Strzelecki Desert

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Strzelecki
Desert
BoreTrack.jpg
Bore Track in the Strzelecki Desert, South Australia.
Country Australia
States New South Wales, Queensland, South Australia
Area 80,250 km2 (30,985 sq mi)
Biome Desert

The Strzelecki Desert /əˈlɛtski/ is located in the Far North Region of South Australia, South West Queensland and western New South Wales. It is positioned in the northeast of the Lake Eyre Basin, and north of the Flinders Ranges. Two other deserts occupy the Lake Eyre Basin—the Tirari Desert and the Simpson Desert.

The desert covers 80,250 km2 making it the seventh largest desert in Australia.[1] The Dingo Fence, Birdsville Track, the Strzelecki Track, the Diamantina River, Cooper Creek and the Strzelecki Creek all pass through the Desert.

The desert is characterised by extensive dune fields and is home to three wilderness areas. It was named after the Polish explorer Paweł Edmund Strzelecki by Charles Sturt.[2] He was the first non-indigenous explorer in the area, followed closely by the ill-fated Burke and Wills expedition.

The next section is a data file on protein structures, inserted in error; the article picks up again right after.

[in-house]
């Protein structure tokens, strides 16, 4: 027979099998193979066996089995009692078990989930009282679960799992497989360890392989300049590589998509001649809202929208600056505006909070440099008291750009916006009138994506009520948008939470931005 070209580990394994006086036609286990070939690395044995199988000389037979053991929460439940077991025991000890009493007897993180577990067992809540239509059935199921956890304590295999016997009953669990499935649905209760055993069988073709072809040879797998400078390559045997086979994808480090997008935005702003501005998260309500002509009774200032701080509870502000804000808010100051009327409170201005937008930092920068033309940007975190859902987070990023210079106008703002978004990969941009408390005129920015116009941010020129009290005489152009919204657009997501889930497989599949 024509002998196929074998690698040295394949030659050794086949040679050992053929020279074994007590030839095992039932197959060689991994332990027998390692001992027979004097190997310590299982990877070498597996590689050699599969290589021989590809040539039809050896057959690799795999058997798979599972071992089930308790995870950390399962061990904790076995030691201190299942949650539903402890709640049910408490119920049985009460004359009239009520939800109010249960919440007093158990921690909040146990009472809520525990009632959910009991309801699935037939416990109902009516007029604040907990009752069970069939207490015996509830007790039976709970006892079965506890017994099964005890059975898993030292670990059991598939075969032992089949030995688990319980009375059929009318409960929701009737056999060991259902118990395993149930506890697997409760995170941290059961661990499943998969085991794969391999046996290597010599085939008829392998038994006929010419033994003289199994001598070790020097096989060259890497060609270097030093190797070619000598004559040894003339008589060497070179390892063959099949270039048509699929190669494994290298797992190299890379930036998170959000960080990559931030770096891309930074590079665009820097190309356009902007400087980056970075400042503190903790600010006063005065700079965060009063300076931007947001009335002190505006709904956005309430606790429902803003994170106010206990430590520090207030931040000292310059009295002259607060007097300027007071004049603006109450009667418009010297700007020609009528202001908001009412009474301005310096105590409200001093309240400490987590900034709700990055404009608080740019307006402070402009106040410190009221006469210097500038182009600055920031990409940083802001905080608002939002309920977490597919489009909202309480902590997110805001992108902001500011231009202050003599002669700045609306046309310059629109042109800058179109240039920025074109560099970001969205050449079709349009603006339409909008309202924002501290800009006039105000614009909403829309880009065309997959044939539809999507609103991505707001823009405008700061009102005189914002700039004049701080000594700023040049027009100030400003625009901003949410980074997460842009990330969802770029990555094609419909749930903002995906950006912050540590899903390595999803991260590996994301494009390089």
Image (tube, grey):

Much of the desert is preserved within the Strzelecki Regional Reserve in South Australia.[3] Parts of the eastern sections of the desert are protected by the Sturt National Park. A population of the endangered Dusky Hopping Mouse lives in the desert.

The Cobbler Sandhills near Lake Blanche is a section of the Strzelecki Desert where the dunes are replaced by small eroded knolls, mostly with vegetation on the top. This area provided great difficulty for early attempts to cross the desert by car, and the name relates to the sheep which were the most difficult to shear, known as the "cobblers".

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References[edit]

  1. ^ "Deserts". Geoscience Australia. 5 June 2012. Retrieved 5 February 2013. 
  2. ^ "Innamincka/Cooper Creek State Heritage Area". State Heritage Areas of South Australia. Department for Environment and Heritage. Retrieved 2009-07-13. 
  3. ^ "Biodiversity Assessment - Simpson Strzelecki Dunefields". Australian Natural Resources Atlas. Department of the Environment, Water, Heritage and the Arts. Retrieved 2009-07-13. 

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Coordinates: 27°41′S 140°25′E / 27.69°S 140.41°E / -27.69; 140.41